Celebrating over ten years of serving patients throughout Lane County and Roseburg under the names Prime Care Partners, Eugene Urgent Care, Roseburg Urgent Care, and Atlas Physical Therapy we have established a new brand name and identity, Nova Health and Nova Urgent Care. Our look and name have changed, but one thing has been the same since the beginning: Our commitment to quality patient care and our commitment to each other. Nova Health is a medical company that provides urgent care, primary care, physical therapy services, and musculoskeletal clinic services in Lane and Douglas Counties. Our focus is providing high- quality patient care to the neighborhoods and communities we serve. Nova Health is a growing company that was established in 2008 with one clinic and nine employees and has grown to 13 clinics all within the Eugene, Springfield, Junction City, Veneta, Oakridge. Cottage Grove, Florence, and Roseburg areas. For more information, please visit novahealth.com.

About HSI and its Family of Companies

The Health & Safety Institute (HSI) is a family of well-known and respected brands in the emergency care and workplace safety training space. Its American Safety & Health Institute (ASHI) and MEDIC First Aid brands offer award-winning CPR, AED, and first aid training that is recognized, accepted, and approved by, or meets the requirements of, federal and state regulatory bodies nationwide in more than 120 occupations and professions. For more information, visit emergencycare.hsi.com.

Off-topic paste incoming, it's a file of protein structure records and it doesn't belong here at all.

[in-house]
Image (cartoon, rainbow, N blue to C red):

To learn more about the Community Giving Program with Nova Health click here

Nova Health Acquires McKenzie Primary Care Associates in Florence

Nova Health, formerly Prime Care Partners, Eugene Urgent Care, and Atlas Physical Therapy, has announced that it has acquired McKenzie Primary Care Associates (MPCA), located at 4480 G Hwy 101 N in Florence. All former MPCA providers will continue to provide primary patient care as part of the Nova Health family of care specialists.

The clinic will offer urgent care services in the late summer at the location, expanding patient care opportunities for existing patients and families in the Florence area.

According to clinic manager Brittany Elliott, the addition of MPCA to the Nova Health family of care facilities is an ideal partnership.